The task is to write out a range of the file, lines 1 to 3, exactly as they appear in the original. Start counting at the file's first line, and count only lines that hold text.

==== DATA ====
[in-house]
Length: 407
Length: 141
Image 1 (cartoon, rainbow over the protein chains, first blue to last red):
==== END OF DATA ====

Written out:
[in-house]
Length: 407
Length: 141